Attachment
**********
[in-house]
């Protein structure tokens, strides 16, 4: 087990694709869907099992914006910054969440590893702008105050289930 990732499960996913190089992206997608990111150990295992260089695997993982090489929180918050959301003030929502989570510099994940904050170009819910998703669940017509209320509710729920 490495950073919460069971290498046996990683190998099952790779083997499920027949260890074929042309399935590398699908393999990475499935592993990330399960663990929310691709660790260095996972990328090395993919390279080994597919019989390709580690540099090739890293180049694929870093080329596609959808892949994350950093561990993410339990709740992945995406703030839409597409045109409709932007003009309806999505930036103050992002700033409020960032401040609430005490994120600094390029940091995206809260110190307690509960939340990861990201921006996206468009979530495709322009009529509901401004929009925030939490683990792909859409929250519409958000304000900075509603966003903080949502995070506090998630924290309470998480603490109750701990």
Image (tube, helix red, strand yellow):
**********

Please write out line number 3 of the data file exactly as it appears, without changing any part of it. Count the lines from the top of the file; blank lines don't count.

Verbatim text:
Image (tube, helix red, strand yellow):